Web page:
Label: ADV Films
Genres: Drama, Horror, Shounen, Supernatural
Age Rating: 15+
Although horror has been a staple of anime for some time, only recently has it made inroads onto Japanese airwaves. Most horror entries tended to be OVAs or films throughout the 80s and 90s. However, with the advent of special cable programming and late-night slots dedicated to unique and adult oriented anime, we’re seeing an increase in supernatural television shows. Boogiepop Phantom and Vampire Princess Miyu are just two such examples. The most hyped of the lot, though, is Hellsing. A 13-episode action/horror blend with enough gruesomeness to send a network censor into apoplexy, Hellsing is an exciting romp patterned in many ways like the successful Cowboy Bebop and Trigun. It has enough problems to make it less than a first-string title, but enough flair to be a fan favourite anyway.
Seles Victoria is faced with an awful choice. A British policewoman caught in the crossfire between two vampires, she must choose whether to die a human or live on as a member of the undead. She decided she’s not quite ready to face the eternal yet, and so the mysterious Alucard drinks her blood, turning her. She soon finds that Alucard is actually the servant of the Hellsing Organisation, a royal knighthood charged with protecting queen and country from the ever-growing vampire population.
Headed by Sir Integra Wingates Hellsing, the only known surviving daughter of the Hellsing family of vampire hunters, its operatives are facing their greatest challenge yet. A large new strain of vampires is showing up – young, brash, reckless, and openly violent – and no one knows why. As Seles starts coming to terms with her new life and becomes a member of Hellsing under Alucard’s direction, she will face terrors untold. Faced with enemies ranging from evil undead brothers bent on destruction to the Vatican’s Iscariot Division, the Hellsing Organisation may crumple under the strain.
Hellsing is a mixture of greatness and mediocrity in many ways, and so I’ll start with talking about the animation. For a TV series, this thing looks gorgeous 95% of the time. The art direction is creepy and mysterious, with vampires that constantly smile maniacally in hazy streets flowing with the blood of the citizens caught in the wake. Atmospherically, it’s brilliant. But as with any television show, look closely enough and the budget shows. In this case, it’s the character models themselves that show the inconsistencies. Though the close-ups are all excellent, nobody seems to know exactly what these folks are supposed to look like standing straight up. Sometimes, Integra is Calista Flockhart skinny, and other times she’s buff. Meanwhile, Seles has the unfortunate problem of an ever-changing bosom. Seriously, she goes from a B cup to a double D from scene to scene as if female bloodsuckers are automatically issued the Wonderbra From Hell(tm). If you can forgive this oversight, it’s not a huge problem otherwise (pardon the pun).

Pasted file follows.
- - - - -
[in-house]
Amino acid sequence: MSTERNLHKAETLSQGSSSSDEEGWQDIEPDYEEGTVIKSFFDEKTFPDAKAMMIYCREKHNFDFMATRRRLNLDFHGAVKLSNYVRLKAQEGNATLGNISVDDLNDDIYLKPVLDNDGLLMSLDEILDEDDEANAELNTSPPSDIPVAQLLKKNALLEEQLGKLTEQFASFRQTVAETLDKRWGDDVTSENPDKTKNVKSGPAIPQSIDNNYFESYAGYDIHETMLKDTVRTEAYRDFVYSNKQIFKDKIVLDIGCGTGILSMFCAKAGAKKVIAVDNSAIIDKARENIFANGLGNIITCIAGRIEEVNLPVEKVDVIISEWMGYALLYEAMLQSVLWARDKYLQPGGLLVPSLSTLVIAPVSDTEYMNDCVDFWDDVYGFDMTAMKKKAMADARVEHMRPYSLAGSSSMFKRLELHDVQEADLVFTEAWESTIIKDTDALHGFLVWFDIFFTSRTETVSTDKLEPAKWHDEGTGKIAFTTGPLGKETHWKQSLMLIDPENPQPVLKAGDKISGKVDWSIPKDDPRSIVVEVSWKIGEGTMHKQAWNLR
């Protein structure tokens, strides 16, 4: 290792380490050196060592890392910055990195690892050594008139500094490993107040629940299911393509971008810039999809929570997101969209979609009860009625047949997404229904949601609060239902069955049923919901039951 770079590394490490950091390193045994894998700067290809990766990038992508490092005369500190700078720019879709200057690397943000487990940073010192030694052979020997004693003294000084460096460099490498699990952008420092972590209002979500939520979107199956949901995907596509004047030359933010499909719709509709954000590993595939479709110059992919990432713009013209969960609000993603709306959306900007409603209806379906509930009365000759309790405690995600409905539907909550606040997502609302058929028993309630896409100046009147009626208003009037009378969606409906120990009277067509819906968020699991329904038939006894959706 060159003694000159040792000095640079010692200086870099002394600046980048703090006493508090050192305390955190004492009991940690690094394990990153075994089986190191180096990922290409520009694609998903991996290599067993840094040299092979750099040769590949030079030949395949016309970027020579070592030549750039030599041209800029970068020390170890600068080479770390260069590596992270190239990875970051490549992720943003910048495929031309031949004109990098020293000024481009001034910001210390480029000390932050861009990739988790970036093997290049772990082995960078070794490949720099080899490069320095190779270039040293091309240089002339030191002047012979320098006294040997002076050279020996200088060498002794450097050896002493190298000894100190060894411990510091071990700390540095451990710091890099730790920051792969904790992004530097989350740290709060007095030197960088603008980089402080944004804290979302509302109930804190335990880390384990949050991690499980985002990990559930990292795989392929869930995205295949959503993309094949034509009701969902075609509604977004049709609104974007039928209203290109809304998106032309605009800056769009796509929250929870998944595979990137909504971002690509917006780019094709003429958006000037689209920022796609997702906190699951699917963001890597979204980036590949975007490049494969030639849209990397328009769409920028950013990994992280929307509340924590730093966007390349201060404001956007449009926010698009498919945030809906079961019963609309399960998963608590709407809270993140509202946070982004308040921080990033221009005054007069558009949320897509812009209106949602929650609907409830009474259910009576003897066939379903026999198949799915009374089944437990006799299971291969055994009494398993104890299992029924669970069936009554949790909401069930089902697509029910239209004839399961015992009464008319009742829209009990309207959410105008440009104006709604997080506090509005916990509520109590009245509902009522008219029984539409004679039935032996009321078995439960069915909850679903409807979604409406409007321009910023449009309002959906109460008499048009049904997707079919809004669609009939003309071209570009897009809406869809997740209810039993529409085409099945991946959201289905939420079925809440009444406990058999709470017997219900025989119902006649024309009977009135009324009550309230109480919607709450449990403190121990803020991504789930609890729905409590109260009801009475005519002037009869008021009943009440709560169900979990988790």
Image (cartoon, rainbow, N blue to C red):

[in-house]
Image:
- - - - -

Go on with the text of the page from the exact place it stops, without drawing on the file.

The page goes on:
Despite the animation problems, Hellsing has some remarkable concepts floating around in its narrative. At the same time, the viewer looking for a lot of action and violence will be enthralled; it’s rare to find a horror show to feature this many explosions and gunfights (handled well, no less). Though a TV show, there is an amazing amount of blood and carnage – if it were a movie, the MPAA would certainly have rated it R – and though I’m not a fan of such things, it is very appropriate to the story being told. The plot also does the audience a favour by sticking with Seles for the majority of the story. Placing Alucard, the awesomely cool yet awesomely disturbing nosferatu, in the background is a very wise choice. Ultimately, it’s Seles we relate to and Seles who brings the human element to the tale. It’s only when we lose track of Seles that the show goes astray.